This seemed like an old-fashioned way to start a grand wave of technology, but we knew that this was a very conservative industry. The business of healthcare was very serious indeed. Our official introduction as a company would need to be familiar and professional. It would also be very expensive for us. We would only have enough money for one shot.
Seeing the first brochure at the printer was a breathtaking experience. Its two folds opened outward, exposing a rich view of the world we were trying to create. It was conservative in layout with striking colors, expensive-looking, professional, exuberant, and beautifully eye-catching. At least it was as exciting as a brochure primarily about radiation shielding and medical room layouts could be. To top it off, our new logo — a diagonal spiral — looked great on the cover. This was the first visual representation of our company. Our business was getting more real every day.
Our families got together that weekend to stuff thousands of envelopes with the brochures. We addressed them to thousands of manufacturers. The stacks of mail went out the doors on Monday. And, we waited.
We knew it would probably be several days before anyone actually received the brochures, but that did not make the fact that we received no calls from new customers on Tuesday any less disappointing.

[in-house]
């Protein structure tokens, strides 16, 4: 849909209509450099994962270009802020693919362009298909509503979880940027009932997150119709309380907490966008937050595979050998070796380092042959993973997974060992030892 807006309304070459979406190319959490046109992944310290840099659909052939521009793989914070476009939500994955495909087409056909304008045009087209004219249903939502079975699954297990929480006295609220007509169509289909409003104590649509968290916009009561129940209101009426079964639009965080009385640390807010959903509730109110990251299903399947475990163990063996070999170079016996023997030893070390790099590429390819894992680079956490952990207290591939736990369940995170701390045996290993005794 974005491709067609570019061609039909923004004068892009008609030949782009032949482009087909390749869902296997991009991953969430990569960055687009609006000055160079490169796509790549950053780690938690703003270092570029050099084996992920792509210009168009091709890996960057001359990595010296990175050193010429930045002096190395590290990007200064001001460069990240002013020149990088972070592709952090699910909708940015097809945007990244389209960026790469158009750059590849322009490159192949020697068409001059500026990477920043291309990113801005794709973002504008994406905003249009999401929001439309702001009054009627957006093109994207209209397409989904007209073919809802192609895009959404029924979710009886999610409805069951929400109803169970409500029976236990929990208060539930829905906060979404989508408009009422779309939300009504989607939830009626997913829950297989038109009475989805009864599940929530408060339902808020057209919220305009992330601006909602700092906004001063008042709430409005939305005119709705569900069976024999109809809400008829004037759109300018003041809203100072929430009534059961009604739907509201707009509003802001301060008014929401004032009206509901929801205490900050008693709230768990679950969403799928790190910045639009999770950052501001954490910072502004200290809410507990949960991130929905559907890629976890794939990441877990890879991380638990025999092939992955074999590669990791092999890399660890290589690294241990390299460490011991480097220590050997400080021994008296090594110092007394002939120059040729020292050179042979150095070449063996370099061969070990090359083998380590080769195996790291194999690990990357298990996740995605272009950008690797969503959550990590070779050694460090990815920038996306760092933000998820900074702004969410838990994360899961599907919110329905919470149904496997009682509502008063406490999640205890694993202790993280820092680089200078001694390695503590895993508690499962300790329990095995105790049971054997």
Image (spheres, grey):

Wednesday was a different story. Several manufacturer representatives who knew us called us to say some variation of, “Wow! You guys are really serious about this thing!” We also received some calls from companies that we had not spoken with before. Some part of me relaxed, just a bit.
We also needed to establish a presence on this new thing called the Internet. For the most part, I had only used the Internet for email and technical support for assorted computer devices, but I had seen enough to know that our products would rely heavily on it someday. If we wanted to project a vision of the future, we had to be on the Web from the start.
So, as we were producing the brochure, I called around, asking for a referral to someone who built websites. I knew a great deal about computers, but I knew very little about the Internet. I didn’t understand how it worked or what software was used to make things work or even what the computers that ran things looked like. I didn’t know why there was a “www” prefix in front of so many Web addresses.